By targeting these specific vulnerabilities, targeted therapy can effectively kill cancer cells while minimizing damage to healthy cells. This approach is often used in combination with other treatment methods, such as chemotherapy or radiation therapy.
Side effects may vary depending on the specific drug used.
5. Stem Cell Transplantation:
Stem cell transplantation, also known as a bone marrow transplant, is a procedure used to replace damaged or diseased bone marrow with healthy stem cells.
It can be used to treat certain types of haematological cancers or to restore the bone marrow after high-dose chemotherapy or radiation therapy.
There are two main types of stem cell transplantation:
- autologous – where the stem cells come from the patient’s own body
- allogeneic – where the stem cells come from a donor
Cancer awareness of growth pace
The pace at which cancer grows can vary depending on several factors, including the stage and grade of the cancer.
Some cancers are characterised by their fast-growing nature, spreading quickly throughout the body and potentially causing more severe symptoms. On the other hand, some cancers have a moderate pace of growth, while others are slow-growing, taking longer to develop and spread.
Fast-growing cancers are known for their aggressive nature. These types of cancers typically have a higher likelihood of spreading to other parts of the body, often forming metastases.
A metastasis is the development of secondary malignant growths at a distance from a primary site of cancer.
The rapid growth and spread of cancer cells can lead to more severe symptoms and an increased risk of complications.
Common examples of fast-growing cancers include;
- certain types of lung cancer
- pancreatic cancer
- aggressive forms of breast cancer
These cancers often require immediate and intensive treatment to prevent further progression and improve the patient’s prognosis.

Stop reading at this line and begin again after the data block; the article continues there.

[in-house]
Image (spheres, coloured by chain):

Some cancers have a moderate pace of growth. These cancers may take longer to spread and may not exhibit as aggressive behavior as fast-growing cancers.
However, that does not mean their impact should be underestimated. Moderate-paced cancers still require prompt medical attention and treatment.
Examples of moderate-paced cancers include;
- certain types of prostate cancer
- kidney cancer
- thyroid cancer
Although these cancers may not spread as quickly as fast-growing ones, they can still cause significant health issues if left untreated.
Slow-growing cancers are characterised by a gradual rate of growth and spread. These types of cancers may not cause noticeable symptoms for an extended period, making them challenging to detect. However, this does not mean they can be ignored.
Examples of slow-growing cancers include;
- some forms of skin cancer
- certain types of leukaemia
- low-grade prostate cancer
While these cancers may not require immediate aggressive treatment, regular monitoring is crucial to ensure any changes are detected early.
Using cancer awareness to understand the impact
Understanding the pace of cancer growth is vital for determining the urgency of treatment. It allows healthcare professionals to make informed decisions about the most appropriate course of action.
in the case of fast-growing cancers, immediate treatment may be necessary to prevent or limit the spread of the disease. This may involve a combination of surgery, radiation therapy, and chemotherapy to target and eradicate cancer cells.
For moderate-paced cancers, treatment strategies may involve a combination of surgery, targeted therapies, and regular monitoring. The goal is to manage the cancer and prevent further spread while minimising potential side effects.
Slow-growing cancers often require ongoing surveillance and monitoring. In some cases, active treatment may not be immediately necessary, but regular check-ups and screenings are crucial to detect any changes or progression early. This allows healthcare professionals to intervene promptly when needed.
The Role of Staging and Grading
Staging and grading are essential tools used to determine the pace and potential aggressiveness of cancer growth.
Staging: Cancer staging refers to a standardized system that assesses the size of the tumour and whether it has spread to nearby lymph nodes or other parts of the body. Cancer staging helps healthcare professionals determine the most appropriate treatment approach and predict the likely outcome.